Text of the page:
When Depression Feels Like Parts of Your Identity Are Dying

Editor's Note

If you experience suicidal thoughts, the following post could be potentially triggering. You can contact the Crisis Text Line by texting “START” to 741741.

I think, out of all of my symptoms of depression, I am most afraid of the emptiness. Whether it is the hollow feeling in my chest when I feel numb or the lack of interest in activities I used to enjoy, this has been one of the most heartbreaking aspects of my illness.

I feel like things keep slipping through my fingers. I feel like there is nothing here for me. I feel like everything good has a time limit, because that’s what my depression does to things. My depression takes any good things away from me and won’t give them back. I feel like I am stuck in a loop of just waiting for things to run their course — relationships, hobbies, work. There is always an internal clock, ticking down and down and down, but I can’t read it. Maybe that’s the scariest part. I have no idea when the current thing will end; all I know is that it will.

I used to be a musician. I used to be a painter. I used to be a student, a learner, a girlfriend, a curious child. Now I spend much of my time mourning the loss of the people I used to be. I feel like I have lost so much.

I feel guilty. I have not experienced the death of a loved one. I have not suffered. So why do I feel so broken? Why do I feel such a huge sense of loss? I feel like I have laid down parts of myself and I will never get them back. But the guitar is still sitting there. The brushes are still in the same place. They aren’t six feet under. So why do those parts of myself feel like they are dead and gone, in my past, a reason to grieve?

Writing has been consistent for me. But now that I have realized this, the clock has started ticking in the back of my brain. Who am I to have something consistent to hold on to? Isn’t it just the way it goes to have to bury a part of myself every few months? It makes me want to stop writing, because if it turns into a recognized hobby, and then an art form for me, I know it will slip like sand through my fingers. Everything I have ever taken on as a part of my identity has been taken away.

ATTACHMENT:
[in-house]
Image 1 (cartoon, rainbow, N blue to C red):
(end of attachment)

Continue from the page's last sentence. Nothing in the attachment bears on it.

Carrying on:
Will I ever have something sustainable? Will I find something that will carry through my life without the ticking in my brain? It feels impossible right now. Then again, I am writing. I am experiencing words flowing through me from a source unknown, as I have countless times before. Maybe there is something for me. Maybe there is something solid that I can hold on to.

So much of my depression has consisted of mourning parts of my old self. There seems to be a constant death and loss throughout this illness, and I know others feel it, too. But I’m still here, whatever that means for me, whether as an artist, a writer, an anything. I’m still here and I still mourn my losses, but I know that I have lived. No matter how long those phases of my life lasted, they did exist in me before. Things have come and gone, but most importantly, they have been experienced. In a world as big as this one, there will always be something else. There has to be.

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